The Populace, Prayer, Pride, and the President
by JUSTIN D. BARNARD
Director of the Institute for Intellectual Discipleship
May 5, 2009 - According to data from the Pew Forum on Religion and Public Life’s U.S. Religious Landscape Survey, prayer is a significant aspect of American daily life. Almost 6 out of 10 Americans reportedly pray daily, regardless of religious affiliation.
As prominently as daily prayer seems to figure in the lives of American citizens, one would think that the upcoming National Day of Prayer would be a significant event for the new Obama administration. However, according to a recent news report, the White House plans to sign “a proclamation honoring the National Day of Prayer” while dispensing with the ceremonies of previous administrations.
As a matter of sheer statistics, this move by the Obama administration makes sense. The same Pew Forum study reports that daily prayer is more likely among those who are old (65+), poor (less than 30K annually), or women. The lowest reported percentages of daily prayer are found among the youngest (18-29), the richest (100K+ annually), and the men (only 49% compared with 66% among women). Thus, President Obama falls within a demographic that, at least statistically speaking, makes it less likely that prayer is central to his daily life.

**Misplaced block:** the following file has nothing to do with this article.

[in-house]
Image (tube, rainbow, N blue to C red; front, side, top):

Of course, statistical inferences invariably require extra prudence. For according to the same study, “Historically Black Protestants” report the third highest percentage of daily prayer – ahead of “Evangelical Protestants” and behind (!) Mormons and Jehovah’s Witnesses. Jesus’ warnings about the beam in one’s own eye come to mind here.
Still, the trends are telling. Prayer, by its very nature, constitutes a recognition of creaturely dependency. It is an acknowledgement of one’s humble estate in the presence of God’s sovereign rule. Those who by virtue of age, socio-economic condition, or gender already experience life in a way that is not marked by mastery or control are more easily given to prayer – or perhaps less given to the pride that prevents prayer. By contrast, those whose life experience leads them to believe that their own personal destiny is within their material grasp are less inclined to view themselves as needy – as creatures of the dust whose very life depends upon the sustaining breath of God at every moment. For these, pride precludes prayer.
Regardless of President Obama’s personal prayer habits, his administration’s move away from giving marked significance to the National Day of Prayer is consistent with the explicit philosophy of his campaign slogan, “Yes We Can!” Wherever we are consumed with celebrating the powers of human achievement, we are less likely to acknowledge that Power upon Whom those very human capacities depend. Let us hope and pray that our current national self-reliance does not turn out for us like it did for Babel.